Solar superstorm could wipe out the internet for weeks or months says scientist

‘That could all be fried’
Everyday we rely on the internet for just about every single little thing we do but could it all come crashing down in the near future, one researcher believes it could.

Professor Peter Becker of George Mason University has claimed that a solar storm could one day create what he described as an “internet apocalypse”.

Becker said: “The internet has come of age during a time when the sun has been relatively quiet, and now it’s entering a more active time.

“It’s the first time in human history that there’s been an intersection of increased solar activity with our dependence on the internet and our global economic dependence on the internet.”

Becker is the lead investigator on a project with the school and the Naval Research Laboratory to create a warning system, reports Fox Weather.

Speaking about solar flares, Becker said: “Flares are when the sun brightens, and we see the radiation, and that’s kind of the muzzle flash. And then the cannon shot is the coronal mass ejection (CME).
“So, we can see the flash, but then the coronal mass ejection can go off in some random direction in space, but we can tell when they’re actually going to head towards Earth. And that gives us about 18 hours of warning, maybe 24 hours of warning, before those particles actually get to Earth and start messing with Earth’s magnetic field.”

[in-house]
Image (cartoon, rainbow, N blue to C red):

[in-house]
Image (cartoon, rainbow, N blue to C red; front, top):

He explained that big blobs of plasma fly through space and when a percentage hit the earth they disrupt our magnetic field. He said: “So everybody thinks, ‘Oh, my computer’s grounded, I’m okay’, but in an event like this, if you drive inductive currents to the surface of the Earth, it can almost work backwards, and you can end up actually frying things that you thought were relatively safe.”

This has happened in the past back in 1859 when a CME reached earth and took out the telegraph system and Becker believes if this were to happen again, it would massively disrupt the internet.

He said: “So you lay that on top of the internet with its very delicate electronics, you’re talking about something that could really fry the system for a period of several weeks to months in terms of the time it would take to repair all the infrastructure – all of the electronic switches, all of these closets of electronics in all these office buildings.”

Becker said: “That could all be fried. So we’re talking pretty major. And it’s not just communications. It’s economic disruption, too, obviously.”

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